The farmer was super nice about it, and after a tour of the packing plant and a delicious dark chocolate cluster of blueberries he had offered, I was able to put the very harried ride behind me and get to the business at hand.  

While hearing him talk, I was aware that I had never met a man before who expressed such emotion and passion about his life and work. He’s a 6th generation farmer who talked at length about the importance of family support at home and on the farm, the dedication required every day and every night, the stress that accompanies this kind of lifestyle, the economics of owning a farm and much, much more. What he emphasized most of all, however, is his love for the land and not being able to imagine living anywhere else.

“If I didn’t have these Atlantic white cedar and pine trees and scrub oak around me, I don’t know how I’d act…There are folks who live in the city, and they think nothing different…They love the city…New York City would terrify me. I’ve only been in Philadelphia 3 times in my life…Dump me out here in these pines anywhere and I’m happy as a meadow lark.”

As he spoke, I realized he and I are opposites…dump me in a city anywhere (almost) and I’d feel more comfortable than I did driving around for miles and miles in the Pine Barrens.  

I wonder...what would explain this? Is it just because we grew up differently - he as a “Piney” and me, as a city girl? 

I think familiarity goes a long way toward shaping who we are...and who we become. 

Sunday, June 20, 2021

Father's Day Gifts

For Father’s Day, I wanted to find a special something for David.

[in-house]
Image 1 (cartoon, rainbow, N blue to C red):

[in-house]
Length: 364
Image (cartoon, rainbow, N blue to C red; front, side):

I googled Father’s Day gifts to see if there was anything that popped out at me. He’s one of these guys you’d say has everything he wants and if he doesn’t have it, he doesn’t want it, or he’d have bought it himself. But I like giving presents, and I know he likes opening them, so I started to explore what the internet had to offer.  

Good housekeeping ("60 Best Father’s Day Gifts 2021”) was one of the top 5 search results and the first I checked out when I performed this search at 3 a.m., after one of my bathroom trips that left me wide awake.

In prior years, my searches have been disappointing, because they have been so stereotypical of what people think of for men, yielding such results as those related to beer, cooking on the grill, sports, jokes and patting dad on the back with “Number One Dad” items. None of these  created any kind of spark in me (other than perhaps the grill) that I’d want to buy for someone I want to honor.  

However, this search on goodhousekeeping.com had some potential overall, even though I was initially discouraged when I saw numero uno on the list was “Cooling Pint Glasses” for beer.

There were all the usual culprits mentioned above, including a “Best Farter Ever” mug as the 2nd suggestion which, call me a curmudgeon, doesn’t seem worthy of this kind of list. There were some items, however, that caught my eye in a good way because, unlike others I recall from the past, they seemed to reflect the man of today: a gift card for a master class in a variety of areas including cooking, photography, music and so on, a History-by-Mail six-month subscription and a book called “100 Hikes of a Lifetime,” cool athletic wear, some electronics and lots that fit in the broad category of all things food.